There’s no shortage of piling-on when it comes to the controversy over the name of the Washington Redskins football team. But too often overlooked is the government’s response to all the noise. The U.S. Patent and Trademark Office (PTO) created a fatal contradiction for itself when it announced on June 18 that it would cancel the trademarks of the Washington Redskins. In handing down the decision, the PTO claimed the name was disparaging. However, a Freedom of Information Act request showed that nobody complained to the PTO about being disparaged by the name, revealing the decision as entirely subjective.
The pro-Redskins arguments that take on the false hope that the name was meant to honor Native Americans are elementary and almost as offensive as the name itself. The real issue boils down to the one that essentially launched the republic: whether we are a nation of laws or a nation of men. Is the rule of law inviolable or is it elastic depending on who is in charge of government? If the Obama administration or any future administration can direct bureaucrats to unilaterally determine that which is disparaging, there is no end to abuse. It’s a powerful issue, one that is only a few short steps from the novel Fahrenheit 451 and the question of who determines which books are to be burned.
Should Quentin Tarantino lose his property rights associated with the movie D’jango Unchained because it contains offensive racial dialog? Can the trademarks and copyright associated with certain works by Mark Twain (Samuel Clemens for you English Lit majors) be revoked because they contain racial epithets? Are composers and performers of songs that include disparaging references to people of different racial groups or sexual proclivities at risk of losing the protections previously granted through trademarks and copyright? As an African-American man, I’m not crazy about words like ‘negro’ or ‘colored’ so perhaps the PTO needs to take action against the trademarks of the United Negro College Fund and the NAACP.
This is not an issue of who can be the least offensive. For more than 75 years the Redskins name was socially acceptable and enjoyed trademark protections (though a similar PTO decision was overturned on appeal by the team). Via that protection, the name and the Redskin brand grew into valuable property.
Alas, an enforcement arm of the United States government now refuses to continue to protect the $1.7 billion property of team owner Dan Snyder because of a couple of public opinion polls and a capricious administration. Has the collective right of a slice of our citizenry not to be offended trumped trademark protection for Snyder’s property – especially when the government protected that property in the first place?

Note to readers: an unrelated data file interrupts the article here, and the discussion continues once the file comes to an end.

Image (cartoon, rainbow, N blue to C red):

Not protecting the Washington Redskin trademark because it offends people is nothing more than a form of eminent domain; emotional eminent domain. Collectively, the government wants to strip Snyder of trademark protections for his property under the guise of “the public good.” And, in this case, the government today believes the “public good” is to avoid offense, but this action only deprives Snyder of due process. Adding insult to injury, the government wishes to take this trademark protection without any form of compensation. As for whether Snyder may decide to change anything about the name of his football team to maintain his property rights protections, one wonders if the PTO would reverse itself should Snyder keep the name but change the mascot from an American Indian to a redskin potato. The notion is no less absurd than the PTO ruling.
I and other black Americans understand thoroughly that words can leave deep wounds. But I am an American first and black second. As citizens in a nation of laws, it is not only 100 percent American to protect private property, speech and ideas that we find abhorrent; it is almost anti-American not to do so. Protecting the repugnant and the offensive, whether they are rich or poor, is not only our duty. It is what makes us uniquely American.